Exciting or Scary

Matthew 22:34-40

“Bodie the dapper Shiba Inu pulls in $15,000
a month as a dog model.”

That was a headline from a newspaper this week and considering that Elvis Presley’s dad once told to him there’s no money in playing music I wonder what Bodies’ Father said to him. I must admit Bodies ’a good looking fellow and good luck to him although I doubt he has any idea of what’s really going on.

We live in a changing world that’s exciting and sometimes beyond comprehension and I heard a scientist say that the only thing limiting us is ourselves because he is now to the belief that if we can think something up, it will only be a matter of time before we can make it happen and if that’s true, that is both unbelievably exciting and unbelievably scary because going on our track record our inventions are normally used for both the good and the bad. But above all, does this not sound like the tower of Babel ringing in our ears where the goal was to be as God. A goal that I would suggest that in our world of Babel is not something that we wake up in the morning with on our mind, but rather has crept in like the analogy of “When in Rome do as the Romans do.” Not a targeted attitude but a sub conscious “birds of a feather flock together situation” because there are some things we do that we know are not in line with being a Christian and in our own way we fight them as best we can, but there are other things that have crept up on us and become part of our makeup. Things not inheritingly bad and things that we are free to do, but things that fit the description as mentioned by Paul in 1st Corinthians 10:23: “I have the right to do anything,” but not everything is beneficial. “I have the right to do anything”–but not everything is constructive.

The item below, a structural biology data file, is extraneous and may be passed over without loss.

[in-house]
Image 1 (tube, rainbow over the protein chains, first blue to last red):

How true that statement is because free in Christ we are free. Free to muck up and free to make mistakes. We know that because of Jesus love for us, His never ending forgiveness and the redemption He brought for us on the cross. Fall down, get up. Get up, fall down that’s life as a Christian just as it is for those that are not.

My point today is not about being forgiven of our sins in Christ because that’s the show stopper.  Because you are, as is every repentant person who turns back to God and asks forgiveness in the name of Jesus. A repentance that may not stop what we do, but more like the addicted that wakes every day to a desire to no longer follow that path but then in weakness of body and spirit falls of the wagon as the day goes on and the process starts again. The inner fight that God sees. The fight he fights with, alongside and for us and whatever the earthly outcome, a heavenly fight that has been won by Jesus Christ who turns to His Father and says, Father, I have walked those shores and I know what they are up against and for them to keep the faith in such times is enough and so I ask that you forgive them.  And forgiven you are. Just as you are free in that forgiveness.

Forgiveness in Christ is not my point because that’s a given to all who trust in Christ. My point today is about discernment. Not discernment leading to our salvation, but discernment because of our salvation.